Case closed! Simon Willard tall clock ticks to $63,250 in Morphy's Nov. 22 Americana auction Morphy Auctions' Nov. 22 sale of the Arthur Richmond Americana collection grossed $495,000, with a Simon Willard tall clock finishing in the top slot at $63,250.
News-Antique.com - Jan 04,2009 - DENVER, Pa. - Unfavorable fourth-quarter news from the financial sector produced some choppy waters for the auction trade, but Morphy Auctions' Nov. 22 sale of the Arthur Richmond Americana collection maintained a steady course to finish at $495,000, inclusive of 15 percent buyer's premium. “Even in a good market, I don't think the sale would have done much more,” said Morphy's chief operating officer, Dan Morphy. “Mr. Richmond came in to the gallery and shook hands with all of our staff, and told them it was a job well done.”
The 534-lot, single-consignor event featured a 39-year collection of early clocks, mirrors, needlework and blacksmith-forged ironware as well as a selection of American paintings from Arthur Richmond's historic 1780 residence in Purcellville, Virginia.
Many outstanding clocks were offered, from banjos, shelf and mantel styles to regulators and tall clocks. The auction's top lot was a circa-1785 Massachusetts Federal tall clock by Simon Willard. In a figured-mahogany Roxbury case with 8-day time-and-strike brass movement, it retained its original Simon Willard label and also included a dated 1829 note hand-signed by the famed clocksmith. Estimated at $40,000-$60,000, it sold to a bidder in the room for $63,250.
A circa-1800 Federal shelf clock by Aaron Willard, in a mahogany case with pierced fretwork, decorative inlays and flaring French feet, achieved the second-highest price of the day: $23,000. Another Federal shelf clock of the same period by the same clockmaker featured wavy metal hands and a painted iron dial signed Aaron Willard Boston. It landed within estimate at $11,500.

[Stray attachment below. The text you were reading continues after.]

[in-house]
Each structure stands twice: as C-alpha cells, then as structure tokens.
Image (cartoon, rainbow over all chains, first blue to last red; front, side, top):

Smaller-scale Southern furniture, such as sugar chests and bottle chests, has never gone out of style with collectors. A beautiful late-18th-century Southern Chippendale mahogany cellarette from the Richmond home had been entered in the sale with a $2,000-$4,000 estimate. It more than doubled expectations to settle at $8,625.
The fine-art category was highlighted by a specialty grouping of George Washington portraits and other Washington-related antiques. A 44-inch-tall, 19th-century cast-plaster bust of America's first President was presented on a white marble and ormolu-decorated pedestal. Against an estimate of $1,500-$2,000, it sold to an Internet bidder for $4,600. A French papier-mâché snuffbox with Washington's half-length painted image [ex Lammot du Pont Copeland Collection] moved on to a new owner for $3,450.
Washington paintings, as a whole, performed on or near par. The widely publicized 19th-century oil-on-canvas portrait of Washington wearing a crimson jacket missed its $12,000 low estimate when it realized $10,350; but a full-length 36.3-inch by 25-inch “Lansdowne” portrait attributed to Jane Stuart (American, 1812-1888) achieved expectations at $7,475.
Antique textiles were led by an 18th-century English Queen Anne mahogany table-top firescreen. Standing 23 inches tall, it displayed a framed multicolor crewelwork design of flowers and leaves on a tripod base. It handily surpassed its $1,000-$1,500 estimate to stitch up a winning bid of $4,887.50.
Morphy noted that the Internet played a significant role in the day's results. “There was a lot of online bidding,” he said. “That, together with the strong crowd in-house, resulted in